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Home educating in a pandemic

Give the children love, more love and still more love - and the common sense will come by itself” - Astrid Lindgren

My children are aged 5 and 7 and they have never been to school. We home educate and though ‘home’ is in the title, we are rarely there. Our days are usually filled with visits to museums and galleries, meet-ups with friends, workshops in lego, drama and science and endless hours at the park. We’ve never done a maths lesson: sometimes they will do workbooks, but mostly they like to count their money, follow a recipe, add up scores in a game, share out sweets… I am not their teacher but an enthusiastic facilitator – I provide interesting ideas and materials and see what meaning they can take and make from them. Children know their own minds and learning is what they are built for.

If there was ever a time to throw away the rulebook it’s when the rules have all changed. Put ‘home’ at the centre of your homeschooling efforts. Make it a safe and happy place to be. Fill it with soft, warm and beautiful things. Take your time. 

All this to say that what children need most is your love and attention. This is so far from an ideal situation for anyone – so cut yourselves some slack and enjoy your time together. You don’t need to model your home like a school. Share stories and poems, cuddle, build dens, howl at the moon, play games, look for shapes in clouds and stars, do experiments round your kitchen table, bake cakes, make art, explore your gardens and outside spaces and look for nature everywhere. This is the stuff that memories are made of.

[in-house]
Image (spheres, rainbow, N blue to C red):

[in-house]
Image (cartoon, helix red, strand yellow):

As adults we don’t continue to categorise our learning by subjects – we see the way things are interconnected across disciplines, sometimes finding parallels in unlikely places. When we allow children to pursue their own interests we give them the tools and the freedom to make their own connections.

What’s important is their happiness, their kindness, their ability to love and be loved in return. They are curious, they are ready made learning machines and they seek out the knowledge they need when they need it.

It’s an interesting time to be a home educator – more children than ever are currently out of school and the spotlight is on ‘homeschooling’. I prefer the term ‘home educator’ because for me and my family it isn’t about replicating the school environment at home and perhaps it shouldn’t be for you either. 

Treat it as an extended holiday and do fun stuff together but also let them be bored.